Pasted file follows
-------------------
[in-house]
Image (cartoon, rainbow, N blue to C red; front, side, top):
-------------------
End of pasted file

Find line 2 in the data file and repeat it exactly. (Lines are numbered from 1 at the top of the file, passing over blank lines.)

Image (cartoon, rainbow, N blue to C red; front, side, top):